The underground art rebels of Paris
The obsessively secretive members of an underground art collective have spent the last 30 years surreptitiously staging events in tunnels beneath Paris. They say they never ask permission - and never ask for subsidies.
We're standing nervously on the pavement, trying not to feel self-conscious as we furtively scrutinise each passer-by.
After weeks of negotiation, we have a meeting with someone who says he is a member of the highly secretive French artists' collective - UX, as they are known for short - outside a town hall in the south of Paris. It is late on a Sunday night but the street is still quite busy.
Finally I notice a young man dressed entirely in black apart from a red beret and a small rucksack on his back. He hovers for a moment and then motions us to follow him. Our destination is the catacombs, the tunnels that run beneath the pavements of Paris.
A few minutes later Tristan (not his real name) and two companions are pulling the heavy steel cover off a manhole. "Quick, quick," he says, "before the police come."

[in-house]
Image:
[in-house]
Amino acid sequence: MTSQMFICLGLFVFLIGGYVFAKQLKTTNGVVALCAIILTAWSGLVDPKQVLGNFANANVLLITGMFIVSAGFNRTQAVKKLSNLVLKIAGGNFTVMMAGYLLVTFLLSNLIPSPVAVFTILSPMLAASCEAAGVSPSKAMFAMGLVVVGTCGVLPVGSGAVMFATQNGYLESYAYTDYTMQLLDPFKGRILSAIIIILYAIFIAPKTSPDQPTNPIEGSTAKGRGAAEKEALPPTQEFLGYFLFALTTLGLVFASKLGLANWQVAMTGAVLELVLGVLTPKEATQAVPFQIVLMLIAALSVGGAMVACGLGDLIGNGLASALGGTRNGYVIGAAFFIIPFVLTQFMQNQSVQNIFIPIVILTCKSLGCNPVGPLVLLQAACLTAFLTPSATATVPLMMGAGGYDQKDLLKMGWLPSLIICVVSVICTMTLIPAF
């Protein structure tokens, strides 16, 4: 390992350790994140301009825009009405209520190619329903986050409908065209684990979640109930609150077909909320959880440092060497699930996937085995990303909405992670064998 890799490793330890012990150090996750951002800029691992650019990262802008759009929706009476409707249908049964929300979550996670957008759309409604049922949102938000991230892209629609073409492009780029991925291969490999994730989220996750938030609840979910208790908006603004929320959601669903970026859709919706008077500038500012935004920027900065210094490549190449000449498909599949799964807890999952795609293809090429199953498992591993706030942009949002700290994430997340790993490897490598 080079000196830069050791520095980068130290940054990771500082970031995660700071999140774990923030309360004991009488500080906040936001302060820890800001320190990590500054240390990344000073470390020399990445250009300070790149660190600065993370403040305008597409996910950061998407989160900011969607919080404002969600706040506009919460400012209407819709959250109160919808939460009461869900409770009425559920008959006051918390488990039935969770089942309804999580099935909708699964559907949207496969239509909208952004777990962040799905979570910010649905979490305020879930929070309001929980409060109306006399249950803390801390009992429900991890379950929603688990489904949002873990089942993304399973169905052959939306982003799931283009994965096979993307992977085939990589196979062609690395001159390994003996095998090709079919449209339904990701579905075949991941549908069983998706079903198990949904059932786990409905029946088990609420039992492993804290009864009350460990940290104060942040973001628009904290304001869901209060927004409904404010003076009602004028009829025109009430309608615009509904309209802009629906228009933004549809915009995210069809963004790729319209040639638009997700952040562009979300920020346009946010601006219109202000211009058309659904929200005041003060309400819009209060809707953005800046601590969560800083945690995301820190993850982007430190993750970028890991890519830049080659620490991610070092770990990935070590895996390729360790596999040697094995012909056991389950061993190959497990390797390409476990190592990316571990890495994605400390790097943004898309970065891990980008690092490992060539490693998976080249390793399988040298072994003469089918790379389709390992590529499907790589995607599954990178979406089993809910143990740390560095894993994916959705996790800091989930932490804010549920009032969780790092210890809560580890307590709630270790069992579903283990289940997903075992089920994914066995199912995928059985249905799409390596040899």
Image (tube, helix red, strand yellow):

I stare down a seemingly endless black hole before stepping gingerly on to a rusty ladder and start to clamber down.
There are several more ladders after that before we finally reach the bottom. To my great relief, there are no rats - we go deeper than the rats ever do - but it is pitch black and very wet.
The water is ankle deep and my shoes are soaked through. "It's fine, if you're properly dressed," laughs Tristan as he splashes ahead in his rubber boots.
Using the flashlight on my phone, we do our best to follow him. Along the way I notice some colourful graffiti and a painting of an evil looking cat.
After a few minutes, we reach a dry, open space with intricate carvings on the wall and it is here that we finally sit down to interrogate our mysterious companions.
Tristan explains that he gets a kick out of getting to places, which are normally off-limits. He is a "cataphile" - somebody who loves to roam the catacombs of Paris.
He also climbs on the roofs of churches. "You get a great view of the city, especially at night and it's a cool place for a picnic," he says.